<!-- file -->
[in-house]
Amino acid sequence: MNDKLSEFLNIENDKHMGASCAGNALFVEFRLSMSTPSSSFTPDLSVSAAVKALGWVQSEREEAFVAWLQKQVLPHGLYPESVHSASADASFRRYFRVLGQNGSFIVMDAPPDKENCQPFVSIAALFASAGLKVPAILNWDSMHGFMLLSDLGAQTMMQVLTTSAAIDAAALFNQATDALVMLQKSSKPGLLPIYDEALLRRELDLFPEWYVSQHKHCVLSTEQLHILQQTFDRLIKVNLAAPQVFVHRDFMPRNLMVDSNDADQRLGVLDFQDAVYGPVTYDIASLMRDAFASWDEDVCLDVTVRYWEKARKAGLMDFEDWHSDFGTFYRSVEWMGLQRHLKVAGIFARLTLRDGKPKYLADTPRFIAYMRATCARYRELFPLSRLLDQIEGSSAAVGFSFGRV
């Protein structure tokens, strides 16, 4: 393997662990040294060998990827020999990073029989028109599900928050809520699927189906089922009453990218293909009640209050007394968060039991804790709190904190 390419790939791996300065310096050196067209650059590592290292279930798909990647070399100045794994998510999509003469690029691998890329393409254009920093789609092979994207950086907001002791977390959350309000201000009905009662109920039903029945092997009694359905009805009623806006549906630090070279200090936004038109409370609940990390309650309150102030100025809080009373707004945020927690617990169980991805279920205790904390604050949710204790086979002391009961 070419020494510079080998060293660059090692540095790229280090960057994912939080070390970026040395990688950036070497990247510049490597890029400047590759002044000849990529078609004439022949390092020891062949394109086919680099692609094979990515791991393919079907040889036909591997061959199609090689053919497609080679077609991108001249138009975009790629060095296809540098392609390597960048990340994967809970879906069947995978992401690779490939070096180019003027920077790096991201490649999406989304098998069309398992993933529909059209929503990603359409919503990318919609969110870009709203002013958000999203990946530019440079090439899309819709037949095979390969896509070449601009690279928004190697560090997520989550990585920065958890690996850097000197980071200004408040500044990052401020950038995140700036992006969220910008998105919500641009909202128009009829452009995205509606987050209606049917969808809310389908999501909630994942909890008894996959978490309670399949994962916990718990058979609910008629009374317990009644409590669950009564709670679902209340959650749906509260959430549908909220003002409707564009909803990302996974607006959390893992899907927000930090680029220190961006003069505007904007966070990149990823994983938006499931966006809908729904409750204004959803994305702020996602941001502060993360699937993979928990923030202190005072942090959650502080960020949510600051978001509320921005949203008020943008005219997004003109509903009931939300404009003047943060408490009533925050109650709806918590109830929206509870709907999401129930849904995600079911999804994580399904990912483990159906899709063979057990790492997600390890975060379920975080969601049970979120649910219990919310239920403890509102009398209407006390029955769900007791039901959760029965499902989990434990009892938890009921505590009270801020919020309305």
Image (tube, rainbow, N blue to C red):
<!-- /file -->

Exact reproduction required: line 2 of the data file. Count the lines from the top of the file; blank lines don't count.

Amino acid sequence: MNDKLSEFLNIENDKHMGASCAGNALFVEFRLSMSTPSSSFTPDLSVSAAVKALGWVQSEREEAFVAWLQKQVLPHGLYPESVHSASADASFRRYFRVLGQNGSFIVMDAPPDKENCQPFVSIAALFASAGLKVPAILNWDSMHGFMLLSDLGAQTMMQVLTTSAAIDAAALFNQATDALVMLQKSSKPGLLPIYDEALLRRELDLFPEWYVSQHKHCVLSTEQLHILQQTFDRLIKVNLAAPQVFVHRDFMPRNLMVDSNDADQRLGVLDFQDAVYGPVTYDIASLMRDAFASWDEDVCLDVTVRYWEKARKAGLMDFEDWHSDFGTFYRSVEWMGLQRHLKVAGIFARLTLRDGKPKYLADTPRFIAYMRATCARYRELFPLSRLLDQIEGSSAAVGFSFGRV